expenses, and this must be done at the civil courts. A civil
action must be filed, and if the damages are sufficiently high
it may serve as a deterrent to those who consider committing
In Argentina, as in many countries in Europe, there is a
discussion in the legal community on the awarding of damages
regarding the use of non-authorised trade mark rights. Is it
proper to award damages to trade mark owners when there is no
proof of damage but when non-authorised use of a trade mark is
established? The current state is that even if you manage to
prove financial gain by the counterfeiter, it does not
necessarily translate into a similar loss for the trade mark
owner. Therefore, courts have introduced a broader
interpretation of the law and have begun in the past 10 years
to accept an objective proof of damage when a non-authorised
use of a trade mark is established. They find in this
interpretation a useful deterrent for the counterfeiting of
trade marks. Courts usually set a high royalty to be paid by
the non-authorised trade mark user, to discourage such illegal
behaviour. In some other cases, they have established a fixed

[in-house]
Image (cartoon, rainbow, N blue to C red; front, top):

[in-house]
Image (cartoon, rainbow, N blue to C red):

amount of damages that seeks to remove any potential benefit to
the non-authorised user.
It seems that the courts are working to establish a
precedent of factual (not legal) punitive damages law rather
than setting damages based on financial loss. Although punitive
damages have not been formally accepted in civil procedures
regarding trade mark law in Argentina, punitive damages are
accepted in consumer rights law. Therefore, even if it does not
have a proper legal basis in the Trade Mark Law, it makes sense
for judges to sustain their damages decisions on the punitive
damages legislation contained in the Consumer Rights Law.
Argentina has the tools in its legislation to perform
enforcement through Customs, criminal courts and civil courts.
The existing practice today is not huge, but with the new
political and economic winds things may change rapidly. Brand
owners have reason to feel encouraged by these positive
© Carlos Castrillo. The author is a partner
of Castrillo & Castrillo in Buenos Aires